BONNE TERRE, Mo. – A Missouri execution has been delayed until at least midday Wednesday after a federal judge granted a last-minute stay.
John Middleton was scheduled to die one minute after midnight Wednesday for killing three people in rural northern Missouri in 1995. Less than two hours before the execution, U.S. District Judge Catherine Perry granted a stay, ruling that there was enough evidence of mental illness that a hearing should be held.
Courts have established that executing the mentally ill is unconstitutional.
Missouri Attorney General Chris Koster appealed to the 8th U.S. Circuit Court of Appeals, but that court adjourned for the night without a ruling.
Never miss a local story.
The state could execute Middleton at any time Wednesday if the stay is lifted.
It was a confusing end to a day that saw a flurry of court actions. Perry first granted a stay early Tuesday, but it was overturned by the appeals court. The U.S. Supreme Court refused to overturn the appeals court ruling, and also declined to halt the execution on several other grounds, including the contention by Middleton’s attorneys that he was innocent of the crimes.
Middleton’s attorneys then went back to Perry, who once again granted a stay. However the appeals court eventually rules, the case is likely to end up again in the U.S. Supreme Court.
The death warrant expires at midnight Thursday, so if Middleton is not executed by then, the Missouri Supreme Court would have to set a new date. State witnesses and media were told to report back to the prison by 10:30 a.m.
Middleton, 54, would be the sixth man put to death in Missouri this year – only Florida and Texas have performed more executions in 2014 with seven each.
He was convicted of killing Randy “Happy” Hamilton, Stacey Hodge and Alfred Pinegar out of concern that they would tell police about Middleton’s methamphetamine dealing. Middleton’s girlfriend, Maggie Hodges, is serving life in prison after pleading guilty to second-degree murder in all three cases.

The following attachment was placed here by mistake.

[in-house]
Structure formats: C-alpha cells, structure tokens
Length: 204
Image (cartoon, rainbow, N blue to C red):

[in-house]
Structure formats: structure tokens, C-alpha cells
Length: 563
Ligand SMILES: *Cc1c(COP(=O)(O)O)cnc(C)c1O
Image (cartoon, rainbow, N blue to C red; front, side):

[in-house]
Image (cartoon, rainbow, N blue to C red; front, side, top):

Middleton’s attorneys contend that the wrong man was arrested, citing new evidence that included a witness who came forward in February.
“We’re looking at a situation where if (Middleton) had zealous representation at trial he likely would have been acquitted,” attorney Joseph Perkovich said.
Koster disagreed. “The time for enforcement of Missouri’s criminal judgment against John Middleton is long overdue,” Koster wrote in a court response on Tuesday.
Middleton was a meth dealer in sparsely-populated northern Missouri in the mid-1990s. After several drug suspects were arrested on June 10, 1995, he allegedly told a friend, “The snitches around here are going to start going down.”
A day later, according to court records, Middleton and his girlfriend met Hamilton and Hodge on a gravel road. Prosecutors said Middleton shot and killed them both and put the bodies in the trunk of Hamilton’s car.
Pinegar, another meth dealer, was shot in the face on June 23, 1995. His body was found in a field near Bethany.
Middleton allegedly told acquaintances about his exploits. He was charged in all three killings and convicted in 1997.
A witness with another story emerged this year.
In February, a man whose name is not disclosed because he fears retribution signed an affidavit saying that two rival meth dealers drove him to a rural area soon after Pinegar’s death and accused him of being a snitch. He said the men showed him Pinegar’s body, saying, “There’s already been three people killed. You want to be number four?”
The new witness said the two dealers then beat him unconscious with a baseball bat and raped his girlfriend.
Harrison County Sheriff Josh Eckerson agreed to take a new look at the case, but said his investigation found no evidence to back up the new assertions. He is convinced that Middleton was the real killer.